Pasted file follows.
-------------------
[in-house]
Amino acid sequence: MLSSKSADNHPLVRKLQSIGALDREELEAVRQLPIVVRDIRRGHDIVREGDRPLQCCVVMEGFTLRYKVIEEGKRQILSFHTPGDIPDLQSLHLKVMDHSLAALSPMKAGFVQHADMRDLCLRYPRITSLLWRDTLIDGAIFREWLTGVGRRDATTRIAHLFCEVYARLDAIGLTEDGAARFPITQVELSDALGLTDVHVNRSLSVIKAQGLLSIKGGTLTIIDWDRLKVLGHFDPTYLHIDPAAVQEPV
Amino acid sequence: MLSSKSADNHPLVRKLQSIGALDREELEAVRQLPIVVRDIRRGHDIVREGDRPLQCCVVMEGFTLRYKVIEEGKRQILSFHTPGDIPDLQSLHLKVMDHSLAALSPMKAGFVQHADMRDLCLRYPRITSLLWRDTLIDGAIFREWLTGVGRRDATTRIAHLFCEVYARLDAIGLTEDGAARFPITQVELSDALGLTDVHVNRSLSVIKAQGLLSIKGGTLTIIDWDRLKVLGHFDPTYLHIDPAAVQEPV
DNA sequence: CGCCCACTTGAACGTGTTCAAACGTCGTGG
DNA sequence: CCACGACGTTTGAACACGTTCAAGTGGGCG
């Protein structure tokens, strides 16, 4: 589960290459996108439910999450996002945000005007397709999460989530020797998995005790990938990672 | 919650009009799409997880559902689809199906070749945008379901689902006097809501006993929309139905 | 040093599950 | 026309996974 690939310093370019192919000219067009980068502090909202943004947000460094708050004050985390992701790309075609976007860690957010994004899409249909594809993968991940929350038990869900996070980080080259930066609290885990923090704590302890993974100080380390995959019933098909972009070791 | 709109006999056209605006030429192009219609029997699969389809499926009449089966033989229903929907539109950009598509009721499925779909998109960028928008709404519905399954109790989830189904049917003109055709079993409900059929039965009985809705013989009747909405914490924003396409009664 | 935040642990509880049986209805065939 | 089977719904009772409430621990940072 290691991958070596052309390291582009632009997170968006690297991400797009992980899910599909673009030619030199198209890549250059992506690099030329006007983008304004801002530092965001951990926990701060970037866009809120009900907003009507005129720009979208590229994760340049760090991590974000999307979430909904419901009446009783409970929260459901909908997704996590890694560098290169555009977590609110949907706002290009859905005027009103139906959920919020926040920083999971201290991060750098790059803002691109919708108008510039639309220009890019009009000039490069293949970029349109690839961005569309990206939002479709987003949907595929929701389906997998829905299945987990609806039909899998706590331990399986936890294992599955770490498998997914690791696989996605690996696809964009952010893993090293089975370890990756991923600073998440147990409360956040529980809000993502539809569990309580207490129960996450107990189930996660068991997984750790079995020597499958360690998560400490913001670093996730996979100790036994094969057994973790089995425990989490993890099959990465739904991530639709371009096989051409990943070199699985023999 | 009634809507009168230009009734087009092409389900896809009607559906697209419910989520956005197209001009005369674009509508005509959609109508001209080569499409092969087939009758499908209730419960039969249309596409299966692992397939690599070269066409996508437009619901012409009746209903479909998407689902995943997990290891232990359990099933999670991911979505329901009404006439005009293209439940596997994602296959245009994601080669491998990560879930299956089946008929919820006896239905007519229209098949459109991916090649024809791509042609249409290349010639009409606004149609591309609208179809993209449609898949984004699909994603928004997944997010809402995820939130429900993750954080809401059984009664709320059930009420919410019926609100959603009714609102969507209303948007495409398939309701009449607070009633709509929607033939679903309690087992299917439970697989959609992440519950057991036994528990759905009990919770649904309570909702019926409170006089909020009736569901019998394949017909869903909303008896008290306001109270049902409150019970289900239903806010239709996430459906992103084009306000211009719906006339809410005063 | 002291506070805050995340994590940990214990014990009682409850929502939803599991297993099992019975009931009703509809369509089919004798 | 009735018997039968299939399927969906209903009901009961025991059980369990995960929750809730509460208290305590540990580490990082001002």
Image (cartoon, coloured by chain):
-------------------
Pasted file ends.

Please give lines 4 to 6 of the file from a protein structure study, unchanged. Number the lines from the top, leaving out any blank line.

DNA sequence: CGCCCACTTGAACGTGTTCAAACGTCGTGG
DNA sequence: CCACGACGTTTGAACACGTTCAAGTGGGCG
């Protein structure tokens, strides 16, 4: 589960290459996108439910999450996002945000005007397709999460989530020797998995005790990938990672 | 919650009009799409997880559902689809199906070749945008379901689902006097809501006993929309139905 | 040093599950 | 026309996974 690939310093370019192919000219067009980068502090909202943004947000460094708050004050985390992701790309075609976007860690957010994004899409249909594809993968991940929350038990869900996070980080080259930066609290885990923090704590302890993974100080380390995959019933098909972009070791 | 709109006999056209605006030429192009219609029997699969389809499926009449089966033989229903929907539109950009598509009721499925779909998109960028928008709404519905399954109790989830189904049917003109055709079993409900059929039965009985809705013989009747909405914490924003396409009664 | 935040642990509880049986209805065939 | 089977719904009772409430621990940072 290691991958070596052309390291582009632009997170968006690297991400797009992980899910599909673009030619030199198209890549250059992506690099030329006007983008304004801002530092965001951990926990701060970037866009809120009900907003009507005129720009979208590229994760340049760090991590974000999307979430909904419901009446009783409970929260459901909908997704996590890694560098290169555009977590609110949907706002290009859905005027009103139906959920919020926040920083999971201290991060750098790059803002691109919708108008510039639309220009890019009009000039490069293949970029349109690839961005569309990206939002479709987003949907595929929701389906997998829905299945987990609806039909899998706590331990399986936890294992599955770490498998997914690791696989996605690996696809964009952010893993090293089975370890990756991923600073998440147990409360956040529980809000993502539809569990309580207490129960996450107990189930996660068991997984750790079995020597499958360690998560400490913001670093996730996979100790036994094969057994973790089995425990989490993890099959990465739904991530639709371009096989051409990943070199699985023999 | 009634809507009168230009009734087009092409389900896809009607559906697209419910989520956005197209001009005369674009509508005509959609109508001209080569499409092969087939009758499908209730419960039969249309596409299966692992397939690599070269066409996508437009619901012409009746209903479909998407689902995943997990290891232990359990099933999670991911979505329901009404006439005009293209439940596997994602296959245009994601080669491998990560879930299956089946008929919820006896239905007519229209098949459109991916090649024809791509042609249409290349010639009409606004149609591309609208179809993209449609898949984004699909994603928004997944997010809402995820939130429900993750954080809401059984009664709320059930009420919410019926609100959603009714609102969507209303948007495409398939309701009449607070009633709509929607033939679903309690087992299917439970697989959609992440519950057991036994528990759905009990919770649904309570909702019926409170006089909020009736569901019998394949017909869903909303008896008290306001109270049902409150019970289900239903806010239709996430459906992103084009306000211009719906006339809410005063 | 002291506070805050995340994590940990214990014990009682409850929502939803599991297993099992019975009931009703509809369509089919004798 | 009735018997039968299939399927969906209903009901009961025991059980369990995960929750809730509460208290305590540990580490990082001002």